Giving Birth To Your Own Parents

A warm ‘thank you’ to those who have been in touch to ask after my Mum. She is currently in hospital, where a sinewy fibre of physical toughness is sticking two fingers up to her emptying mind.

Some readers and friends have shared stories of significant aspects of their relationships with their mothers and fathers. Inevitably, those relationships are unique…..though common patterns and connections constantly assemble and multiply between personal narratives.

Here’s a theory: there can be no meaningful understanding or communication between those who have had straightforward, relatively untroubled, economically comfortable, emotionally conventional childhoods and those who have had complex, psychologically ambivalent, economically stressed, socially unconventional childhoods. There may be all sorts of variables involved, but, unless a lot of good learning happens, the two groupings will scarcely even speak the same language. Such ‘good learning’ is possible, and the key to it has to be the development of empathy.

Neither grouping is better or more blessed than the other. Both gain and both lose.

I am in the second category, so I know it more intimately and subtly than the first group. The presence or absence of unconditional love is the key. The likelihood is that it will be present in the first grouping, though possibly taken for granted. A gift from the universe. If you grow up in the second grouping with the vital added ingredient of unconditional love, then you have powerful and infinite resources of light and dark. A gift from the multiverse.

We can either follow the models offered by our parents or we can react against them. Having been brought up without unconditional love, I made an absolutely conscious choice to build unconditional love into my own being as a parent. There were plenty of other things I wish I had known about, but I was certain of this one elemental, explosively joyful force.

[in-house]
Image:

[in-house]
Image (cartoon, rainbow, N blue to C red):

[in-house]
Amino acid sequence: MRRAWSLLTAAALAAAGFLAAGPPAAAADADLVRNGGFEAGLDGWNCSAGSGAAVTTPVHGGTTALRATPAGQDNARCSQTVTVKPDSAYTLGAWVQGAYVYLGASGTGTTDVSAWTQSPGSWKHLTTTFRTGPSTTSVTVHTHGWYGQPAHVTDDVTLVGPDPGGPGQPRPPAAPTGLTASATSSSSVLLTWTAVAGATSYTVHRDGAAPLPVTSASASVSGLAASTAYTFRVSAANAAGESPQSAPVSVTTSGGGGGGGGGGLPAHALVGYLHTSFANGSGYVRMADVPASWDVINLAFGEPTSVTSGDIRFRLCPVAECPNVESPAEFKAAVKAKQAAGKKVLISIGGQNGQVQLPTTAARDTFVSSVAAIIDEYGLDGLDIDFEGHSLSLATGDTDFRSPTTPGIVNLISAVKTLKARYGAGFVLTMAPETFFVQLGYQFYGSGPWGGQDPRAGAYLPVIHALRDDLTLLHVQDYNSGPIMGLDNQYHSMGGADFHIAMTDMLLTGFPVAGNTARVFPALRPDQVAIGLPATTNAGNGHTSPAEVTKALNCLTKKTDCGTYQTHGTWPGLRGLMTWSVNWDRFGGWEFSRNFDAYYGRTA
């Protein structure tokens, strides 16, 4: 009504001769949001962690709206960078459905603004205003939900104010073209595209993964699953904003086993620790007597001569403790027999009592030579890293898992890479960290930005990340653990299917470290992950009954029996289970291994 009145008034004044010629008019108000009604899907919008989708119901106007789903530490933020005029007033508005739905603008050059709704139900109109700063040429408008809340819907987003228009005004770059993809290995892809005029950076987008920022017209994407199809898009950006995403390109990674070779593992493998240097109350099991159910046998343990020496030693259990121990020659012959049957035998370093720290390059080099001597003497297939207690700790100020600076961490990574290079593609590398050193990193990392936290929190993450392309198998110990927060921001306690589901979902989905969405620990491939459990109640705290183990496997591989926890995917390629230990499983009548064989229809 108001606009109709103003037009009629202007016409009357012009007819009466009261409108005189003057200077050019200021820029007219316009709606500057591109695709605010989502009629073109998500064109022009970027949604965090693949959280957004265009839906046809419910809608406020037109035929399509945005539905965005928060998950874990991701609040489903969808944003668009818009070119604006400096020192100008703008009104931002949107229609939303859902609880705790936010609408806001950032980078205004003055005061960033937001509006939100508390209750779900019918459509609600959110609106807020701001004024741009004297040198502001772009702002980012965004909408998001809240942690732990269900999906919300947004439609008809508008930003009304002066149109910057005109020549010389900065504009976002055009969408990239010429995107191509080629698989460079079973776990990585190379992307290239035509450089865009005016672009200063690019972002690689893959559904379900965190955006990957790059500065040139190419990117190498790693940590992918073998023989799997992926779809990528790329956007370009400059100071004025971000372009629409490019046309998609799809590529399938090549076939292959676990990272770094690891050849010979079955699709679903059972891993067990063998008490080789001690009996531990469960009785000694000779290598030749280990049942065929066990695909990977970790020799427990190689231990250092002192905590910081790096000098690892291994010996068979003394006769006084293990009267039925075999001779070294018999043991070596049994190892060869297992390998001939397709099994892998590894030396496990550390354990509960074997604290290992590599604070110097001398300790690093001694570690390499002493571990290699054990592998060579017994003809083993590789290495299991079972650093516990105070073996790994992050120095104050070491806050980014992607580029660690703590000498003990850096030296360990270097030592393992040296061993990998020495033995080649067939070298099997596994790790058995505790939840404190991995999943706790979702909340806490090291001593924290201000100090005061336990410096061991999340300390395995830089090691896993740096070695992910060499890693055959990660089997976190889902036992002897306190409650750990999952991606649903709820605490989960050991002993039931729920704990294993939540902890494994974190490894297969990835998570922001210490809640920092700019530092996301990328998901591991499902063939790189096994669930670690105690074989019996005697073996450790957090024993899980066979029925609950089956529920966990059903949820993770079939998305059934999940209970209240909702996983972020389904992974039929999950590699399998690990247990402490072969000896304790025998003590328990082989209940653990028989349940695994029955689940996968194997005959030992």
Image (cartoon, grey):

And in the last ten years, after periods of estrangement and many tortuous paths, I have found that I feel unconditional love towards my mother and my father. I would say that my father reciprocates this. I think that my mother has been too ill for too long with a profound obsessive-compulsive disorder to be capable of such a huge change. Perhaps it is also because of the similarities between advanced age and early childhood, but there is a sense of being part of the process referred to in the title of this post…gestating and delivering a rebirth of relationship with my own parents.

It is a process with many nuances. For example, I wrote this poem about 2 years ago.

Bye, Mum. Bye, Dad.

‘Ring us, please, when you get home

just to let us know you’re safe and sound’

stood for decades as your parting refrain,

a ritual nod to ties of blood and common ground.

The perils of the journey once behind me

I would pick up the phone on closing the door –

I could sort myself out, relax, unwind the road

as soon as I’d performed this empty family chore.

Now, if you were dead I could pretend

that you might care enough to still require

my reassurance that I had survived the miles

and had not fallen prey to earth, water, air or fire.

But in your gathering painful numbness,

your farewells no longer make that small request.

How my heart beats for you to ask me this again,

as if your child’s safety might help you rest.

*                    *                    *                    *                    *

As soon as you’re born they make you feel small,

by giving you no time instead of it all,

till the pain is so big you feel nothing at all.

The worst thing I ever did to my parents was to sit them down and play them John Lennon’s ‘Working Class Hero’. And make them listen to the words. Very carefully and distinctly. Looking back it is a darkly comic scene: on one side of the radiogram the arrogance and insensitivity of youth, fired up by R.D. Laing and the 60s questioning of the role of the family (valid but one-dimensional); on the other side, the intolerance and incomprehension of a couple who found Bing Crosby’s ‘White Christmas’ a lyrical challenge.